Government Leased Property (Possessory Interest)

  1. Description
  2. Frequently Asked Questions
  3. Forms & Resources

What is Taxable Possessory Interest (PI)?

When a person or entity leases, rents, or uses real estate owned by a government agency for its exclusive use, a taxable possessory interest occurs. The taxation of this interest is similar to the taxation of owners of privately owned property. However, a holder of a possessory interest frequently pays significantly less property tax than the private owner of a similar property.

PI Property Tax

Possessory interest tax helps pay the holders fair share of services and benefits that owners of similar taxable properties enjoy. These services and benefits include fire and police protection, schools, and local government.

The person or entity in possession of the property on the lien date (January 1) is liable for the entire subsequent fiscal year’s taxes. Unfortunately, no provision is made for the Assessor to prorate the taxes if the possessory interest is terminated after the lien date.

Assessor's Responsibility

By law, every governmental agency in the county must respond to the Assessor’s annual request for information. The information assists the Assessor in conducting fair and accurate possessory interest assessments.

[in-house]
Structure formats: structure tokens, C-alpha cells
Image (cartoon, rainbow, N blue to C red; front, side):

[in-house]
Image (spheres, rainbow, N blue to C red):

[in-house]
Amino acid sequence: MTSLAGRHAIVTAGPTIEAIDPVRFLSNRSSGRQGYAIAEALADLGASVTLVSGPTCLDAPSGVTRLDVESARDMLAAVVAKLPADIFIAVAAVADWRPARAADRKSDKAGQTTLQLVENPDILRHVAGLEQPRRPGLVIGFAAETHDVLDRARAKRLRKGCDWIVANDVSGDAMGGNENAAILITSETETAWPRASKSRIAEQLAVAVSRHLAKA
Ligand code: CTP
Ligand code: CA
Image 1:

Valuing Taxable PI

A base year value is established for taxable possessory interests upon a change in ownership or completion of new construction under the guidelines of Proposition 13.2This value, by law, will only increase by a maximum of 2% per year, until a new reappraisable event (change of ownership or completion of new construction) occurs, or the property suffers a decline-in-value.

The valuation of possessory interests is different from other forms of property tax appraisal in two ways:

  1. Only the rights held by the private user are valued.
  2. The Assessor must not include the value of the lessor’s retained rights in the property or any rights that will revert back to the public owner (the “reversionary interest”) at the end of the lease.


As a result, possessory interest assessments are frequently less than the assessments of similar privately-owned property.